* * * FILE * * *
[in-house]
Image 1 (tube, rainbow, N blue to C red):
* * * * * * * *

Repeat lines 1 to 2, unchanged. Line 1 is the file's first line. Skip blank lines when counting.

[in-house]
Image 1 (tube, rainbow, N blue to C red):